This page covers both West Peevor and the Wheal Peevor Mine sites.
In total there are five surviving engine houses in a relatively small area, the Peevor Mine is adjacent to the A30 and is a familiar landmark to passing motorists. The area was reclaimed and stabilised during 2005-2007, the engine houses received much needed structural restoration, however the underground access to a major site was lost.
The images on this page are ordered as if the visitor is walking up the valley from the west to main site, all these images were taken between 1996-1999.
A view of the 50″ Pumping Engine House on Mitchell’s Shaft, West Peevor Mine.
West Peevor Mine is situated in the valley below Wheal Peevor. The two engine houses on the site were erected in 1882: a 50″ Pumping Engine on Mitchell’s Shaft and a 22″ Stamps Engine, there was also a winding house but only the base survives somewhere in the gorse. The mine was closed in 1887.
The story was not over, during the 1960’s the mine was re-investigated in an effort to intersect the Wheal Peevor lodes. During this process a concrete plinth was erected in front of the engine house to mount an electric hoist, also the building was reduced in size. After a favorable drilling programme the shaft was re-opened and investigated to a depth of 170ft. At this point the miners found a shaft blockage which proved impossible to shift, subsequently the shaft was capped and the project was abandoned.
An interior image of the 50″ Pumping Engine House on Mitchell’s Shaft.
An image taken from the pumping house on Mitchell’s Shaft of West Peevor Mine looking towards the Stamps House across the capped shaft.
Looking back at Mitchell’s Shaft Engine House.
An image of one of the surviving secondary buildings, when I last went back the whole area was very overgrown.
A second building at the mine, possibly a Smithy. The three Engine Houses of Wheal Peevor are in the background.
A second image of the same building, in the background is the remains of one of the mine’s Calciners.
The 22″ Stamps Engine House of West Peevor, the majority of the wing wall had collapsed with the remaining blocks ready to go.
In the foreground is the Stamps Engine House, this and other to follow were taken with permission, on private land.
An image of the other side of the Engine House, also showing the bad condition of the brickwork.
The front of the Engine House, the stonework here had suffered as well.
The three Engine Houses of Wheal Peevor, framed by one wall of the Stamps Engine House.
The same image from the other side of the Stamps Engine House, the base of the chimney is on the left.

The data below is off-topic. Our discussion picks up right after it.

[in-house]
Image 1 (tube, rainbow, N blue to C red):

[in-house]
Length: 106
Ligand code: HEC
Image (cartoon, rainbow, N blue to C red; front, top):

On the approach to the Wheal Peevor site, looking back at the Stamps Engine House.
Walking up the valley from West Peevor this is the classic view of the three engine house survival of Wheal Peevor, possibly the best remaining in Cornwall. From left to right; Stamps, Pumping and Whim Houses, the latter two were always at right angles to each other across the main shaft.
The original Wheal Peevor Mine dates back to the 18th Century when the site was worked as part of Great North Downs Mine producing Copper from shallow deposits.
The mine proper started in 1872 with the erection of the remains we see today. The underground workings were concentrated at around 40 Fathoms below adit level on a rich lode of Tin which assayed at around 4% Tin. The usual recovery was 1.5% this kept the mine in profit whilst others failed. There are two Calciners on the site which were built to process Arsenic which was a valuable by-product.
The first close view of the Calciners walking up the valley.
A more detailed image of the Calciner, in front is a mounting block for some long removed machinery.
One of the buddles at Peevor used to concentrate the Tin material.
My favorite image, the view of the engine houses framed by the Calciner.
The Stamps Engine House in the foreground, with the Pumping Engine in the background.
The Stamps Engine from a different angle, the house held a 32″ beam engine which drove a battery of Cornish Stamps.
A closer image of the Stamps Engine House, the foundations date from 1912 when a gas oil engine was installed to drive a battery of 20 heads of Californian Stamps.
An amazing thing to see, when the Californian Stamps were installed in 1912, Brick Mason Thomas Wedlock of St Day left his mark.
Walking on the path past the Stamps House gives a good view of the 70″ Pumping Engine House on Sir Frederick’s Shaft.
Looking across the open shaft towards the 18″ Whim Engine House. When the site was stabilised the shaft was made safe and grilled over. The shaft was drained by the County Adit at 48 fathoms, eventually the depth reached was 170 fathoms.
The remarkable survival of the boiler house arch at Sir Frederick’s Shaft Wheal Peevor.
A close image of the Pumping Engine House, originally this held a 60″ engine with a framework (lattice) beam dating from 1835. When the mine was reworked in 1912 a 70″ engine was installed.
A final image of Sir Frederick’s Shaft Engine House from the front, the Whim House is in the background. The front wall shows the sad condition of the stonework before the stabilisation.
Both the mines were abandoned in 1887 due the low price of Tin. During its lifetime the mine produced 3,280 Tons of Tin. The site then lay idle until 1912 when there was a plan to mine Wolfram which was believed to be present. New machinery was installed but this attempt was abandoned after the end of the First World War.
Last Cornish Mines